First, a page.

Case Study: Consolidation and Automation at Fairview Health Services

By Shane Burleson

Many hospital-based call centers struggle to implement the latest and greatest technologies in the call center, simply because of their organizational culture. We must recognize that times have changed and caller expectations are higher while we continue to operate with staff shortages, unplanned events resulting in increased volumes, short-term employees, and continued complexities in the services we provide.

In 1995, my company, Fairview Health Services, appointed a staff team whose primary goal was to analyze the various departments within Fairview. The team’s services spanned a multi-site environment, helping us to understand the hard costs associated with managing various departments providing duplicate services. Later that same year, three of our hospital switchboards consolidated into a single campus, resulting in a savings of more than a million dollars over five years. We expected long and tough times ahead as we adapted to the changes.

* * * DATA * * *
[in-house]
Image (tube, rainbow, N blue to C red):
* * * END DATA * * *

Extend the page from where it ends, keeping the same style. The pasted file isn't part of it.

However, in retrospect, it was one of the most beneficial business decisions that we’d made and it was quite innovative in our industry at the time. In 1997, Fairview purchased the University of Minnesota Hospital and Clinics, which presented us with yet another consolidation challenge in 2001. The successful relocation and consolidation of that call center saved the company $800K over the next three years.

For the first time in Fairview’s history, we will soon be implementing the use of an automated attendant on our main hospital numbers, providing callers with direct access to the most commonly called departments. We expect that caller satisfaction will increase as they will no longer have to wait in queue for routine call routing. We also expect improved productivity by better utilizing our valuable operator resources.

In order to do so, we plan to implement Amtelco’s Just Say It Speech Recognition IVR, allowing internal customers to have access to patient information and department and staff listings without operator intervention when dialing “0.” Proving that your call center will provide more customer-friendly service with reduced wait time and increased financial savings is the key to winning and changing your organizational culture.

I urge those of you working in the hospital/healthcare environment to take a hard look at where you could potentially conserve resources and reduce expenses by automating your call centers. Today’s innovative technologies make it possible to do so while continuing to provide a high level of service to your customers. Let your call center equipment help you change the organizational culture and overcome obstacles facing your call center every day.

[From the Summer 2004 issue of AnswerStat magazine]